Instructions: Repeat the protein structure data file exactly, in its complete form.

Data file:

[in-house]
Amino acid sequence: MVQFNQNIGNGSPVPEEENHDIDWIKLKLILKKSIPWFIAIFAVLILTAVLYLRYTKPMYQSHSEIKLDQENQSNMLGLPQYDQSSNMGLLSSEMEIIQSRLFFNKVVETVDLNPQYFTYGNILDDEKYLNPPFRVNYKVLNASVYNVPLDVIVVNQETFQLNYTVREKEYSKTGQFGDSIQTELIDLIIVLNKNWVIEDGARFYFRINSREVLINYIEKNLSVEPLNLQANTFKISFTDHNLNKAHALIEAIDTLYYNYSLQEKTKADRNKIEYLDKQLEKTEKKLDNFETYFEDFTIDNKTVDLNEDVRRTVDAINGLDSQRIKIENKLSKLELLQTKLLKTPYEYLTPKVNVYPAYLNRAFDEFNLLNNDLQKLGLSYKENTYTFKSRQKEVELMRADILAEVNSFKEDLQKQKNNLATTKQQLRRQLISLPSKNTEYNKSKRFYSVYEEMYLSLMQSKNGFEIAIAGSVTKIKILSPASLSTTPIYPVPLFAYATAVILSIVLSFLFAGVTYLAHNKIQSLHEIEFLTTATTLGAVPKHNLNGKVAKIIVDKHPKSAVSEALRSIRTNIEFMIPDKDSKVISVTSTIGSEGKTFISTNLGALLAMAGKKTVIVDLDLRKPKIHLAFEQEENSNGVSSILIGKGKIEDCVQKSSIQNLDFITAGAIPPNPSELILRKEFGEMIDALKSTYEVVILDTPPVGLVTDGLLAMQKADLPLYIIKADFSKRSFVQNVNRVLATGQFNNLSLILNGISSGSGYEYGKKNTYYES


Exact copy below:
[in-house]
Amino acid sequence: MVQFNQNIGNGSPVPEEENHDIDWIKLKLILKKSIPWFIAIFAVLILTAVLYLRYTKPMYQSHSEIKLDQENQSNMLGLPQYDQSSNMGLLSSEMEIIQSRLFFNKVVETVDLNPQYFTYGNILDDEKYLNPPFRVNYKVLNASVYNVPLDVIVVNQETFQLNYTVREKEYSKTGQFGDSIQTELIDLIIVLNKNWVIEDGARFYFRINSREVLINYIEKNLSVEPLNLQANTFKISFTDHNLNKAHALIEAIDTLYYNYSLQEKTKADRNKIEYLDKQLEKTEKKLDNFETYFEDFTIDNKTVDLNEDVRRTVDAINGLDSQRIKIENKLSKLELLQTKLLKTPYEYLTPKVNVYPAYLNRAFDEFNLLNNDLQKLGLSYKENTYTFKSRQKEVELMRADILAEVNSFKEDLQKQKNNLATTKQQLRRQLISLPSKNTEYNKSKRFYSVYEEMYLSLMQSKNGFEIAIAGSVTKIKILSPASLSTTPIYPVPLFAYATAVILSIVLSFLFAGVTYLAHNKIQSLHEIEFLTTATTLGAVPKHNLNGKVAKIIVDKHPKSAVSEALRSIRTNIEFMIPDKDSKVISVTSTIGSEGKTFISTNLGALLAMAGKKTVIVDLDLRKPKIHLAFEQEENSNGVSSILIGKGKIEDCVQKSSIQNLDFITAGAIPPNPSELILRKEFGEMIDALKSTYEVVILDTPPVGLVTDGLLAMQKADLPLYIIKADFSKRSFVQNVNRVLATGQFNNLSLILNGISSGSGYEYGKKNTYYES